A key design feature of QB3 was that it had moving internal walls, so you could step out of the kitchen, wind the wall past you and step back onto the same floor which was now in the bathroom. Therefore the light and insulation for one space is also the same that is used for another space.
“All the people who wanted one were exactly the same set of people who didn't have land to put it on”
A company was given the licence to build and sell the Cubes, but despite lots of interest at design shows, the problem of having the land to put it on was an issue.
Although they were careful to keep the design within the definition of the Caravan Act, because it was a self-contained dwelling it would need planning permission. And if people had land with planning permission then they might just build a normal house and not need a microhouse. Even to be in someone's back garden, it would need to be as an annex to the house, not as a separate dwelling where someone could live.
The Cubes differ from the Tiny House movement in the US, which are largely designed to be towed and moved from place to place. While the Cubes meet the Caravan Act and are mobile by definition, in practice they would need to be towed by a lorry. While physically they are tiny spaces, they were meant to be fairly static and not moved around.
It was also never the intention for people to be living in them in isolation. They had always thought it could be groups of young people living in a community of Cubes around a common space such as an allotment. What has been difficult to make happen is a planning arrangement that would allow groups to come together and create a network of smaller houses.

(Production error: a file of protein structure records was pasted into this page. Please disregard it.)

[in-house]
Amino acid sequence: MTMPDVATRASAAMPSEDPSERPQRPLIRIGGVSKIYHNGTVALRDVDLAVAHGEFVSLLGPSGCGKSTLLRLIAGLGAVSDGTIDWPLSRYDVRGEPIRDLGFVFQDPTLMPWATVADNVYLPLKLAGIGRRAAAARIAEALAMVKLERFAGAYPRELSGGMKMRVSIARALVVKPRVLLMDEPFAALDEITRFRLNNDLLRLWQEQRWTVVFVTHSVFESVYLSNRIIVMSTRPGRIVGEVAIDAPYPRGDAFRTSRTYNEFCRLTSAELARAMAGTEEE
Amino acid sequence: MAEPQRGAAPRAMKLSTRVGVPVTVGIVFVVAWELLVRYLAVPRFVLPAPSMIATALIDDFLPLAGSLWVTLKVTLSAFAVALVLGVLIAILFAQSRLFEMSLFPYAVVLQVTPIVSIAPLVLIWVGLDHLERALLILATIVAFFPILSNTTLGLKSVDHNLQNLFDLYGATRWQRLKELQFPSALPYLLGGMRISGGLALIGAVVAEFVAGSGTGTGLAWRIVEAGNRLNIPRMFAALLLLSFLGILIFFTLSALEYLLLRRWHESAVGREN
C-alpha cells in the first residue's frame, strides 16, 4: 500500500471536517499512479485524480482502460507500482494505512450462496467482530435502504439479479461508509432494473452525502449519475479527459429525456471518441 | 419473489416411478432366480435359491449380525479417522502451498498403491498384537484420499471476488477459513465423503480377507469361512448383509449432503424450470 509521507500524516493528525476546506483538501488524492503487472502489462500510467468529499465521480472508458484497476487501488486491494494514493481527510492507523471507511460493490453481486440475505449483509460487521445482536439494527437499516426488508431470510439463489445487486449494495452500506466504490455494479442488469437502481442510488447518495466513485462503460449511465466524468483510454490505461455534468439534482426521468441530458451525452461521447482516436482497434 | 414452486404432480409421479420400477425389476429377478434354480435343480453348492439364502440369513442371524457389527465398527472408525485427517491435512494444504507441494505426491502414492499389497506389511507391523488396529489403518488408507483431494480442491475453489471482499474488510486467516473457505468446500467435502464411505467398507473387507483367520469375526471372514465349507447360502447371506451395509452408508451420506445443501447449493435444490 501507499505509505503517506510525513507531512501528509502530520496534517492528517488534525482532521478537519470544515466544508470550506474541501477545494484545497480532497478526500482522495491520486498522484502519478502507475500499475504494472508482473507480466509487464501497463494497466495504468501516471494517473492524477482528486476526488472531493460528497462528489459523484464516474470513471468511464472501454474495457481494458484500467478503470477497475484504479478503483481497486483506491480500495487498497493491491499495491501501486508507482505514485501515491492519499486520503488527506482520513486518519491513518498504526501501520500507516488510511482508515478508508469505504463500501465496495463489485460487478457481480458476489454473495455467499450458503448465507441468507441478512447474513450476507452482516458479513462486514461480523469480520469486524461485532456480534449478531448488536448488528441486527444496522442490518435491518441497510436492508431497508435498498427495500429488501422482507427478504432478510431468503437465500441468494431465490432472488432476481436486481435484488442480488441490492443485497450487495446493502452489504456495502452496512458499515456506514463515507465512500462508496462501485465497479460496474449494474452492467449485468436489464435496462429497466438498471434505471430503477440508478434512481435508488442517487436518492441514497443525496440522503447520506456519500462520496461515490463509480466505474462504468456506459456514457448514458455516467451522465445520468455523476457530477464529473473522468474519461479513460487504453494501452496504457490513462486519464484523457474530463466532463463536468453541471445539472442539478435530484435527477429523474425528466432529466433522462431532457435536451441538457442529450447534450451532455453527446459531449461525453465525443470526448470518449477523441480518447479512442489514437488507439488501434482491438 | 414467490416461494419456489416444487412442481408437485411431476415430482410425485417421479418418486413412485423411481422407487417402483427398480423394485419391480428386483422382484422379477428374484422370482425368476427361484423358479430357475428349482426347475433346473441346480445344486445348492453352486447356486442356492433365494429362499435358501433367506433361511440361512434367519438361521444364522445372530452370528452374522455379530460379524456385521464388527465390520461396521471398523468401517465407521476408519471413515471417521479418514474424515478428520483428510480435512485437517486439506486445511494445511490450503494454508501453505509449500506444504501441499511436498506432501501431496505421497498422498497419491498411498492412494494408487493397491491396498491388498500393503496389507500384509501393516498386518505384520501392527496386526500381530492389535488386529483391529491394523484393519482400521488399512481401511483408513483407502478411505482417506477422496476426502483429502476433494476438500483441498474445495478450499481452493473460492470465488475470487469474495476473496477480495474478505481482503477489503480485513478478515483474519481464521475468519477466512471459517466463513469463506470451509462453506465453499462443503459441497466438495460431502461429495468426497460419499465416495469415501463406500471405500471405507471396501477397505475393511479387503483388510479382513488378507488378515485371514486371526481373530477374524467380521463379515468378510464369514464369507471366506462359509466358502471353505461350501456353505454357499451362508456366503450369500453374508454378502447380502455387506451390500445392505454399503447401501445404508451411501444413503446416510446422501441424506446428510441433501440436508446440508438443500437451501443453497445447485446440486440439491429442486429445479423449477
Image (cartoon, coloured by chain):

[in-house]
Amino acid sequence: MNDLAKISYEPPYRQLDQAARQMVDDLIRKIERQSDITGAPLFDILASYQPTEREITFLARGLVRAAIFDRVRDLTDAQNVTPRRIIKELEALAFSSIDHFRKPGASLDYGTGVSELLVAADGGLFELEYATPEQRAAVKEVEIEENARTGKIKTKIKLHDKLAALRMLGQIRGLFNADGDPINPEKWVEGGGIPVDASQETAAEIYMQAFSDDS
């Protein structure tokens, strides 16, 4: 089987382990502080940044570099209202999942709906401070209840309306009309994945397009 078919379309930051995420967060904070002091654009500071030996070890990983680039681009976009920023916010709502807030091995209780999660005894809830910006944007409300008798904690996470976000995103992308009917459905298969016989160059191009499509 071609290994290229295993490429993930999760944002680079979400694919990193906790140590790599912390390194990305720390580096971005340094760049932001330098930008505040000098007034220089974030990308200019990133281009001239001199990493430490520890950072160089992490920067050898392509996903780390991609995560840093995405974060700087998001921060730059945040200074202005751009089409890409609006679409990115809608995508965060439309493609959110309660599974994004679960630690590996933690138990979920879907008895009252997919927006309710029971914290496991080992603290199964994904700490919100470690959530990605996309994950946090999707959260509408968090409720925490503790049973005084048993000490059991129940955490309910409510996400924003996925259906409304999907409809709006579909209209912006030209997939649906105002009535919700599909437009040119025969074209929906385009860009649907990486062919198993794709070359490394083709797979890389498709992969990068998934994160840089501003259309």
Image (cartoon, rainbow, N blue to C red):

Something like a site that has been designated for static caravans would be ideal, where they could create a low energy community.
“I think it’s more the planning regulations that are conspiring against what we wanted to do with the Cube Project which is to let people live in their own private spaces with groups of other people nearby, in pleasant and low carbon surroundings.”
Land reform is needed
Mike doesn't believe that planning really serves all members of the community, and that land reform is a big issue that needs to be addressed. There are lots of people and companies that own lots of land, with developers holding onto land until the need for housing becomes so desperate they will get planning permission and benefit from the massive increase in land value.
Issue of zero carbon building
Mike's says what we really need are full-sized houses, and that is something he is now concentrating on.
He is amazed that houses generally being built now are not zero carbon all the time, or at least on average.
“So, what amazes me is that given that we’re going to have every house that’s got to be zero carbon basically by 2040 – Extinction Rebellion say earlier, the government says slightly later, but let’s say 2040 – why would you build any house in 2019, 2020 that would need retrofitting to meet that standard if you knew that that house was going to stand for sixty, seventy, eighty years? Why would you do that? That seems absurd. And yet just about every house I see being built is not of this type. It’s nowhere near being zero carbon. I simply don’t understand it. That’s a psychological problem.”
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About The Author
Lucy Cowell is owner of the Virtual Assistant company Quantum PA. Being immersed in the world of architecture for over 20 years and since working with Ben Adam-Smith, she is now determined to build her own house one day too!